Life after Rodrigue

Artist George Rodrigue was famous for his Cajun-inspired paintings long before he became mainstream; boaters in the bayou or patriotically posing before an oak tree.

“He chose to paint Louisiana, because that’s where he was from and that’s what he cared about. He saw kind of a void there in the art world of a story that he wanted to tell,” says his son, Jacques Rodrigue.

“This is really where he’s introducing the world to Acadian culture and the culture of Cajuns,” says Jelena Smith, a fine arts specialist for New Orleans Auction Galleries.

Following notoriety in 1990, his Louisiana story revolved around the legend of Loup-Garou, a werewolf meant to scare disobedient Cajun children. It was an image based on his childhood dog Tiffany; he called it the Blue Dog.

New Orleans Auction Gallaries estimates the cost of some of the iconic Blue Dog paintings they have between $20,000 to $40,000. Some of their Cajun series paintings they are estimating between $30,000 to $50,000. Whether or not the price of the paintings goes up after his death remains to be seen.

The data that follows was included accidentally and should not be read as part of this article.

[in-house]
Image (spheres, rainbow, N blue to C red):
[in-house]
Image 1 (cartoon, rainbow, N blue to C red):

James says it will be up to collectors.

“I think our upcoming sale in May will probably answer some of those questions,” says James.

Meanwhile, Jacques says originals aren’t for sale and he continues to monitor auctions around the world. He estimates only 10 to 15 pieces have been sold since his father’s death in December.

“We don’t know how to price it and we just don’t have that much, so currently available is only silk screening prints and mixed medias,” says Jacques.

However, he says, those few sales have shown gains.

“The auction price is about double from what the auctions were compared to last year,” says Jacques.

Signed copies or prints are no exception.

“The most expensive print we had before was about $7,000 or $8,000 and now we’re in the $15,000 to $20,000 range,” says Jacques.

Jacques says it will probably be another year before they consider selling any originals.

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